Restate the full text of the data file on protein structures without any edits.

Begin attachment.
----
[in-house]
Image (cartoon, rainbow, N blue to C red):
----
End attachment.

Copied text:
[in-house]
Image (cartoon, rainbow, N blue to C red):